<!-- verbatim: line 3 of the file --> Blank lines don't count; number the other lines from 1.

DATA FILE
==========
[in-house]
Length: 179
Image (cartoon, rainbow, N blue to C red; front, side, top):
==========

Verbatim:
Image (cartoon, rainbow, N blue to C red; front, side, top):